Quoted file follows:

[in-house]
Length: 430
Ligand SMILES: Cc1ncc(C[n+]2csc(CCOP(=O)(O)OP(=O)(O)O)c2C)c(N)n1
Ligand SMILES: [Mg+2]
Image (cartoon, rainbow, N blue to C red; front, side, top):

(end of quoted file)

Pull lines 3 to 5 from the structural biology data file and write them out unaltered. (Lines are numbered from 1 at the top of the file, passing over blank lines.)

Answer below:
Ligand SMILES: Cc1ncc(C[n+]2csc(CCOP(=O)(O)OP(=O)(O)O)c2C)c(N)n1
Ligand SMILES: [Mg+2]
Image (cartoon, rainbow, N blue to C red; front, side, top):